I cannot justify the harsh approach adopted by the Government to the institute in recent years. I suspect that part of the rationale behind that approach has been a feeling in the Foreign Office that the Commonwealth itself should give greater financial support. I think that that is right. Apparently only a tiny proportion of the institute's budget comes from other Commonwealth countries. Singapore, Canada and Australia all have a higher gross national product per capita than does the United Kingdom; they could, and should, do more.

I should like to take this opportunity to pay tribute to Mr. Stephen Cox, the outstanding director general, and to his shrinking staff for their sterling efforts to keep the institute's doors open. They must be supported by this House. Indeed, I believe that there is considerable support for them in all quarters.

I believe and have said before that the Foreign Office budget is far too small. We need to expand our diplomatic posts in eastern Europe. As happened about a decade ago, we are back to underfunding the BBC World Service, and the British Council is in danger of having to close a number of offices. Our aid programme is diminishing as well. Some of us find that pretty depressing and not in the national interest.

The underpinning is, I accept, partly to blame for the crisis facing the institute. The future of this important institute must be seen against the background of the growing importance of the Commonwealth. The Foreign Affairs Committee's report has much to say on the subject. As early as paragraph 4, it remarks on how the Commonwealth's membership has changed beyond recognition in terms of economic performance: While it is still the case that some members of the Commonwealth are amongst the poorest in the world and rightly deserve the help and support of the richer developed world, the organisation now also contains some of the world's fastest growing economies, and even some of the richest. Thus, Singapore's income per head is a fifth higher than that of the United Kingdom and Malaysia is catching up fast. India's overall poverty conceals pockets of enormous dynamism and prosperity, whilst both Australia and New Zealand are now clear beneficiaries of the Asia-Pacific growth momentum. Hopes are also high for the resumption of significant growth in southern Africa. No wonder that the Committee feels that the implications for our country of some of the world's fastest-growing markets being within the Commonwealth ranks deserve urgent re-examination.

Paragraph 9 of the report states: If the centre of gravity of the world economy is shifting in Asia's direction, then the Western countries best positioned to take advantage of this new scene will be those that have taken the trouble to maintain strong links of every kind with this emerging world. The old Commonwealth ties could therefore become, for the United Kingdom, the new Commonwealth opportunities. One wonders if the Foreign Office is running ahead of or behind that kind of new thinking.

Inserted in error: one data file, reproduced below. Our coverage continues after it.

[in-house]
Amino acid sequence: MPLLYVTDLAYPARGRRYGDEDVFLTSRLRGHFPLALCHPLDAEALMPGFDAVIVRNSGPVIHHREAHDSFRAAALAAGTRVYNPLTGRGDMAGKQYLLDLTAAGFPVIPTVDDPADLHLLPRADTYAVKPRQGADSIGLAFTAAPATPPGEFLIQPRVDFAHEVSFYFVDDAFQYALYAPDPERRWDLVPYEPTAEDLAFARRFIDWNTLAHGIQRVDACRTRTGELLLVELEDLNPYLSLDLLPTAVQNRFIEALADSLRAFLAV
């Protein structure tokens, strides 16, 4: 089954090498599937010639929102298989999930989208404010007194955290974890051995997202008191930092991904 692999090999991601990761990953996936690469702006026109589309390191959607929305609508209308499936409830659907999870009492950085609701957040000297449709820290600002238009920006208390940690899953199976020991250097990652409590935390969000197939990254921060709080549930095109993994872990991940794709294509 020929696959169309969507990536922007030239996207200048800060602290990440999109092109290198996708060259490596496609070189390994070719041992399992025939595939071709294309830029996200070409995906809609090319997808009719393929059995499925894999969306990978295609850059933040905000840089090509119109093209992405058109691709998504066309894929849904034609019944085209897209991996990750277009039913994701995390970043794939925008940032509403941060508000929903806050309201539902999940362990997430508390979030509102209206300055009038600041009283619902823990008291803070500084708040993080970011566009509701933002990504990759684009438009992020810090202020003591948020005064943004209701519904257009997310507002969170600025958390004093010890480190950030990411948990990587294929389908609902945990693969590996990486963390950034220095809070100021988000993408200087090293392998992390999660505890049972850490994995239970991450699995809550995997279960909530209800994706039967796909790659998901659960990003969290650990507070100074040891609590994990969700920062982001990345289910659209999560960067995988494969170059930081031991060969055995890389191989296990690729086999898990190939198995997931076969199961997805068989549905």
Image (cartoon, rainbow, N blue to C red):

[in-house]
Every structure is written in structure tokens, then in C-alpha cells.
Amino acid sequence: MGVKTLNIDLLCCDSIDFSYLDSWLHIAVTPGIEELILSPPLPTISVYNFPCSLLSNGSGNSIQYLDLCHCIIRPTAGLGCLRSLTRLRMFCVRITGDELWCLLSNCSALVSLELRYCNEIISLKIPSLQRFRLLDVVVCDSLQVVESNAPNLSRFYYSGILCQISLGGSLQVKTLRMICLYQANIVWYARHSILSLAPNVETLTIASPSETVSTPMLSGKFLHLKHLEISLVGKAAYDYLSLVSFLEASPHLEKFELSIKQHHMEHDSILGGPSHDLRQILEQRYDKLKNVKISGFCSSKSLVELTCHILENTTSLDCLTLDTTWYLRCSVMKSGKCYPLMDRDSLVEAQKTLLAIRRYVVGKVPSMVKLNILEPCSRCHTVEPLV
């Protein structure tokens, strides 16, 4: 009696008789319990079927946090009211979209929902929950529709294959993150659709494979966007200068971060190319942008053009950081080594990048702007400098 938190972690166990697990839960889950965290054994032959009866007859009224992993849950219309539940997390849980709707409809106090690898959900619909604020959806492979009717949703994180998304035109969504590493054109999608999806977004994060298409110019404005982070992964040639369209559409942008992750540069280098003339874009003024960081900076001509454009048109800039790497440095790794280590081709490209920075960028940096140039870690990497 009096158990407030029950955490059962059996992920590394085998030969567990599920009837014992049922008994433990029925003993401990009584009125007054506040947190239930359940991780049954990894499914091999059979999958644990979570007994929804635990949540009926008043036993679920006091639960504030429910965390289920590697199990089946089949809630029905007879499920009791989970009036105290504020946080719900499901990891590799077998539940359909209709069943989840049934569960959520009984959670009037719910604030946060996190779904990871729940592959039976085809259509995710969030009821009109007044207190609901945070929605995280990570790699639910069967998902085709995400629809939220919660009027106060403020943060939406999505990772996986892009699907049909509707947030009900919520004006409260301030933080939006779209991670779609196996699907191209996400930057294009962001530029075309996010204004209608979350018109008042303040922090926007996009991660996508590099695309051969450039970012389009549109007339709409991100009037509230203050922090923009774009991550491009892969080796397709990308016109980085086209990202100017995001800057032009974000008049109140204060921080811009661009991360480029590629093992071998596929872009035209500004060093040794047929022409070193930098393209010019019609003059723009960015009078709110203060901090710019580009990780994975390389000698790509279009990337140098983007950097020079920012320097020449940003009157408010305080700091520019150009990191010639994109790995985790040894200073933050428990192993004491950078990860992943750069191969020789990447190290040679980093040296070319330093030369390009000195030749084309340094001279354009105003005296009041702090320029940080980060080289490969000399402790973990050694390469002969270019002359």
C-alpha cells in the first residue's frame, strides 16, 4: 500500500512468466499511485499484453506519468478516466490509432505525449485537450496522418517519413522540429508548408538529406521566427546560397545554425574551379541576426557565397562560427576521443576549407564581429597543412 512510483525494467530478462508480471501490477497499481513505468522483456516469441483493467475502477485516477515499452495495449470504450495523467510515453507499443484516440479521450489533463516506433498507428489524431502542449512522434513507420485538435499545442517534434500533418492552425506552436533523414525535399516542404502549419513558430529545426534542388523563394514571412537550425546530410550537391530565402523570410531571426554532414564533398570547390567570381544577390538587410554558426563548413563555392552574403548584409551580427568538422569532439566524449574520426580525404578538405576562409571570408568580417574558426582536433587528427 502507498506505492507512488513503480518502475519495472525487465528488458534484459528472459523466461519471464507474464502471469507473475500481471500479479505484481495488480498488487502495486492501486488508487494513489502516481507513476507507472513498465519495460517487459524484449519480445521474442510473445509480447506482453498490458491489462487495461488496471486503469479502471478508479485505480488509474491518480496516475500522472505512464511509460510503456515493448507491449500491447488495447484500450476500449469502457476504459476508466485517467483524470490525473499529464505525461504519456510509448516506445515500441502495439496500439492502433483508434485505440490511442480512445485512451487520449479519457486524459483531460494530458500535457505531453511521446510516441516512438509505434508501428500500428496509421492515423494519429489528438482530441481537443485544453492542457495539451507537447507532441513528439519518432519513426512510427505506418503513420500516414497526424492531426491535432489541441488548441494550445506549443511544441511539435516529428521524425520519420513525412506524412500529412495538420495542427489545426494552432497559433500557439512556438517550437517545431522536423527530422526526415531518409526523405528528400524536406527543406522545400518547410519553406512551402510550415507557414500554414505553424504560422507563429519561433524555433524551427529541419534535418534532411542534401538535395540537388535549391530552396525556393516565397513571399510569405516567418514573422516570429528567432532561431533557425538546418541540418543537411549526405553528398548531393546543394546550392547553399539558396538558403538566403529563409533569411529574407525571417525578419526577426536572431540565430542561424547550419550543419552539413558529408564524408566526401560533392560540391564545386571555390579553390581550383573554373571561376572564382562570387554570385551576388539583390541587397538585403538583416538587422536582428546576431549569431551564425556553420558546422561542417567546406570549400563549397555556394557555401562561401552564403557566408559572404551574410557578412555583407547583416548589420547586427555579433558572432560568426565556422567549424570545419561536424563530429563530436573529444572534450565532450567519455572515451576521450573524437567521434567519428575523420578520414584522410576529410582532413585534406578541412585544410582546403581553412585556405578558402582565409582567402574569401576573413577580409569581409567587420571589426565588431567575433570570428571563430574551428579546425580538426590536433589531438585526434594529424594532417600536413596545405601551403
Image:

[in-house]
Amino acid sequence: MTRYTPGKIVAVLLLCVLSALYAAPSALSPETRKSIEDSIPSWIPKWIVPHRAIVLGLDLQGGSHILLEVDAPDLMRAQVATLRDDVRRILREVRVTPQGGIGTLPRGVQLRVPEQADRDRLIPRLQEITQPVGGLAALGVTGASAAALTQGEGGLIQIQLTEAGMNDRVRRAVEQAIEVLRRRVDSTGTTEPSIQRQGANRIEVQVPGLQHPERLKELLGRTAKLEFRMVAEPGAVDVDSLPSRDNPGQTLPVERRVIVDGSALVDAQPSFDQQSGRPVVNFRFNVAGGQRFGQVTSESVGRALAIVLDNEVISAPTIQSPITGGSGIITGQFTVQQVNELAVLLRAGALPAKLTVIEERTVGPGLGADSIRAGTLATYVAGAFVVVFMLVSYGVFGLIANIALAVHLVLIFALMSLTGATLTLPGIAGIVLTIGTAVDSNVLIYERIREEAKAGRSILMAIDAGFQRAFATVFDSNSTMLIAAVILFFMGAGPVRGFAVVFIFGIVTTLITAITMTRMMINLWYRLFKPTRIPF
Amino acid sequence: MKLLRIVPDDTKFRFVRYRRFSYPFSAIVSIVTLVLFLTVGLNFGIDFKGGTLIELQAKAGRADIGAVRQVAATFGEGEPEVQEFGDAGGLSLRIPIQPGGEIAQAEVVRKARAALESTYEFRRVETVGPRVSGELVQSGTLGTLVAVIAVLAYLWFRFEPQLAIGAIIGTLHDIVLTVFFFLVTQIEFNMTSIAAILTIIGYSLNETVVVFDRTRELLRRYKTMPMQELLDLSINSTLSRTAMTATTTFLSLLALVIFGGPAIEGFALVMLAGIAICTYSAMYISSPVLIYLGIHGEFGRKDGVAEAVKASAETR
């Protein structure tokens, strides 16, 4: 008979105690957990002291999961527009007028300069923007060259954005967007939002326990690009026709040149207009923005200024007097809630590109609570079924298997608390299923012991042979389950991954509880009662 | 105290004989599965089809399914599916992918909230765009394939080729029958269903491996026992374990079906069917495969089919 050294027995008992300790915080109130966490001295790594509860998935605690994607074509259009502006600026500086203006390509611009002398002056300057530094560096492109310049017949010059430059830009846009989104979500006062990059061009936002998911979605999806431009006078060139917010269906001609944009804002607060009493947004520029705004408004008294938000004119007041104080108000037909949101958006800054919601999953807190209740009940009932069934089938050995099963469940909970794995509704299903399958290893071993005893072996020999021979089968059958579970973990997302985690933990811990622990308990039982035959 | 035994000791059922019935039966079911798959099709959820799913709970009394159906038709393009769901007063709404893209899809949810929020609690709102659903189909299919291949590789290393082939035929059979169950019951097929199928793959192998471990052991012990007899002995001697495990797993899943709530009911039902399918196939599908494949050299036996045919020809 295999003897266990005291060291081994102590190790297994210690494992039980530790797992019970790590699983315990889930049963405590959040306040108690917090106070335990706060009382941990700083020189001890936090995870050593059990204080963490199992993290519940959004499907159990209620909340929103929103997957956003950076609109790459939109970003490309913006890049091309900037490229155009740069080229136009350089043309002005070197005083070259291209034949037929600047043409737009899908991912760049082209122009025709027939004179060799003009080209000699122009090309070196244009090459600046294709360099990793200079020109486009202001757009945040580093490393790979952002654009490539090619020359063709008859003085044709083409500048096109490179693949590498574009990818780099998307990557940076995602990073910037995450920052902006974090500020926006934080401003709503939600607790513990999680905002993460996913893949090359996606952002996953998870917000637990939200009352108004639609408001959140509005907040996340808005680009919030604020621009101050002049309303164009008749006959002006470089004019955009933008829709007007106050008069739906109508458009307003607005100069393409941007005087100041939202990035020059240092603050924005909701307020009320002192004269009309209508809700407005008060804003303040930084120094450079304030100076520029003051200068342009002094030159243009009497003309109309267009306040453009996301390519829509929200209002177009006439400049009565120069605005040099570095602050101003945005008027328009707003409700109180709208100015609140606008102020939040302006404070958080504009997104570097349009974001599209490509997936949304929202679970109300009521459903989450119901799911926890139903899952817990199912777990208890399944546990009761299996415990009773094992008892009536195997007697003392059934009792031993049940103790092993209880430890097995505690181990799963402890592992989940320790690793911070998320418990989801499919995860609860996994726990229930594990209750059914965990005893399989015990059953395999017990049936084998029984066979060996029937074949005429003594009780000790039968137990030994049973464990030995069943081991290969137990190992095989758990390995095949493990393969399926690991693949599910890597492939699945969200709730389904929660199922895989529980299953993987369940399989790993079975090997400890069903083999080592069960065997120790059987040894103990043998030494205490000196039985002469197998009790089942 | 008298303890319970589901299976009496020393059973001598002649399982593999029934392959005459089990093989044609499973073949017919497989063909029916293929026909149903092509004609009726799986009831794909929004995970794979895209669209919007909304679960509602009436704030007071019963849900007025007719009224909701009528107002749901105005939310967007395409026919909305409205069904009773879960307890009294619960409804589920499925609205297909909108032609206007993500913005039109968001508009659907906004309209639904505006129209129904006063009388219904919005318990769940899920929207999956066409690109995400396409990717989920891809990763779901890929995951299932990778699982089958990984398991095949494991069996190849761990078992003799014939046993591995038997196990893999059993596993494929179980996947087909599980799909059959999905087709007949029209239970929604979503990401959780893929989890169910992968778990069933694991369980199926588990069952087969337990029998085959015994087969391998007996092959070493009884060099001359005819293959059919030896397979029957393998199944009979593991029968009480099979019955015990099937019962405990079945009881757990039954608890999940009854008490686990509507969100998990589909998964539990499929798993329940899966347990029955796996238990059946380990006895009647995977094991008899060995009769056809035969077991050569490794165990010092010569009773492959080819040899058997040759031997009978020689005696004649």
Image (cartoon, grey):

It is not too late for the Foreign Office to take another look at the importance of that well-known and well-loved institute and to make sure that it has the public funds that it needs not only to survive, but to prosper and help meet the needs of our rapidly changing Commonwealth.

10.25 pm
The Minister of State, Foreign and Commonwealth Office (Mr. Jeremy Hanley)

The Government welcome the debate. The Commonwealth Institute has many supporters, and I congratulate one of its most faithful supporters—my hon. Friend the Member for Bexleyheath (Mr. Townsend). He is an honourable Friend indeed, and his knowledge of, and interest in, foreign affairs the world over is second to none in the House. The Foreign Affairs Committee has taken a close interest in the Commonwealth Institute's well-being, and included some pertinent observations in its welcome report, "The Future Role of the Commonwealth", which was tabled before Easter.

My noble Friend the Minister for Overseas Development will visit the institute next week to discuss with Asian high commissioners in London how their galleries can best be developed. The permanent under-secretary of the Foreign and Commonwealth Office will be able to answer questions about the institute when he appears before the Foreign Affairs Committee next month to discuss the FCO's departmental report. My right hon. and learned Friend the Foreign and Commonwealth Secretary has taken a close personal interest in the institute since he assumed office. He discussed future financing by the FCO for the institute with its chairman, Mr. David Thompson, in October and decided in March to make available £1.5 million this financial year, to enable the institute to maintain its core education, library and conference operations.

The Government's support for the Commonwealth Institute is part of a wider support for Commonwealth links worldwide, but I shall not rehearse them all now. Our decision to invite the Commonwealth Heads of Government to meet in the United Kingdom next year shows our confidence in the Commonwealth's continuing vitality and usefulness. Differences of view between Commonwealth countries over Rhodesia and South Africa have been replaced by a shared adherence to the democratic and liberal values set out in the Harare declaration and by the work that the Commonwealth can do to fulfil them. That common purpose was evident at the last Heads of Government meeting in Auckland last November.